She lacked access, and by the end of the poem has likened herself to Cassandra.

Ockerbloom’s bibliography includes the best essay I’ve read on Killigrew: Carol Barash’s 22 pages situating her in “the imaginary underworld of Mary of Modena’s court,” along with a number of other fine poets of that court (Finch) and the era, in her magnificent study, English Women’s Poetry, 1649-1714. Barash is concerned to treat Killigrew both realistically and practically (wages for women at that court were 200£ a year, plus room and board) and to make clear that her poetry does not belong to the plangent and sentimental nor does she focus on rape or sexual victimizing, but creates a community of women in sensual landscapes filled with hidden allegories about power, ambition, and yes deep and embittering disappointment. “The Miseries of Man” is strikingly grief-stricken turn by turn. Barash discusses an unfinished ode by Killigrew where the poet identifies with a dove, “contrasts mundane squalor with the speaker’s belief in a higher, spiritual calling. The speaker urges her dove to soar beyond the low and dirty material world,” is at first self-confident and aggressive, returning to her “heavenly birthplace” after a “short time” on earth:

    Thy native Beauty re-assume,
    Prune each neglected Plume,
    Till more than Silver white,
    Than burnisht Gold more bright,
Thus ever ready stand to take thy Eternal Flight.

The imagery reminds me of Marvel’s in his famous “Garden” poem, but Killigrew’s dove finds her “plumage has been spoiled by those who attempt to transmit it to a larger public,” and that she has been “punished for taking the material world too seriously, for staying there too long,” is now at risk of being left “naked … and bare,/The Jest and Scorn of Earth and Aire.” I first read Barash’s book in the year it was published, 1999, and was startled by Barash’s austere tone. I had not been part of academic conversations for too long. Years (and many conferences and much interaction, reviewing, publishing) later, I understand better why Killigrew’s poetry about social deaths and real deaths, wars, violent dangers (mental as well as physical) and high aspiration, in a controlled pastoral landscape (a “specifically female retreat” and “place of political resignation”) calls out for sophisticated readings and high respect.

To suggest other points of view than Ockerbloom, Greer or Barash, an essay not included in Ockerbloom’s bibliography is David Vieth’s sceptical “Irony in Dryden’s Ode to Anne Killigrew,” Studies in Philology, 162 (1965):91-100: old and perhaps unfair, Vieth’s close reading suggests that Dryden’s ode to Killigrew could be read as high critical of her work (damning is the word). Barash has in mind Kristina Straub’s “Indecent Liberties with a Poet: Audience and the Metaphor of rape in Killigrew’s ‘Upon the saying that my Verses” and Pope’s Arbuthnot,” Tulsa Studies of Women’s Literature, 6 (1986):27-45, which I find has much merit. It’s a Foucault reading which finds that Killigrew and Pope’s poetry use of forms of rape offers paradigms for “social relations of domination and repression” determined by gender. Pope’s poetry emerges as under the sign of his disabilities.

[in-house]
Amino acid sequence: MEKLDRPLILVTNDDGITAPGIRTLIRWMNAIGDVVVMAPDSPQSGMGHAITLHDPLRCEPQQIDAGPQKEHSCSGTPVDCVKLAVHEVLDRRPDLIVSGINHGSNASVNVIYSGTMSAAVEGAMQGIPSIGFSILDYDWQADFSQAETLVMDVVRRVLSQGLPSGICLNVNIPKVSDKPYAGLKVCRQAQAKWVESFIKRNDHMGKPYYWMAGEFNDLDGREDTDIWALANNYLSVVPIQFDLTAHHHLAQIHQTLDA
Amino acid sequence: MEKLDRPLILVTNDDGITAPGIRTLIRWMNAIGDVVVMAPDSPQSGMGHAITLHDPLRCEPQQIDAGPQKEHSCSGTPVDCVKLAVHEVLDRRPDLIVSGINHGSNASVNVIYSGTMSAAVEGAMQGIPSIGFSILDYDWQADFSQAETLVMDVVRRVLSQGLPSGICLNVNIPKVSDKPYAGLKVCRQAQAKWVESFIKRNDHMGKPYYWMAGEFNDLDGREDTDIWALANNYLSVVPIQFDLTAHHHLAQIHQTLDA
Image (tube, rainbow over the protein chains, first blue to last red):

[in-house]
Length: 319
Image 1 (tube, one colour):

To return to the essay which led me to this reading and blog tonight, Mulvihill’s analysis and description of the Killigrew’s posthumous book and modern editions situates Anne in her court and Killigrew world and also the commercial world at the time. She discusses the importance and merit of Richard Morton’s facsimile reproduction of Killigrew’s poetry, with a still valuable introductory essay (this is the edition I first read Killigrew in and have cherished ever after).

pagesofbook-large
The image on the front is said to be by Killigrew herself

Mulvihill suggests (I think rightly) that the recent editors should have gone further: the poems should be re-ordered to bring out significant relationships between them, their interlocutors, with a concentration that brings out themes and the different genres. I felt the same was true of an edition of Katherine Philips, and my work on Anne Finch was predicated on recognizing her struggle with the genres of the era, which she had to transcend to express her original thought and combinations of feeling. Here too (as with Finch) Mulvihill points to the problem of unattributed poems and poems wrongly attributed, which remain unresolved. She lists what she thinks specialists will find missing in the latest edition. She asserts that we are still awaiting a truly authoritative edition. Mulvihill includes at the end of her essay some particularly clear (large and richly colored) reproductions of images said to be of or attributed to Anne Killigrew and of one of her interlocutors.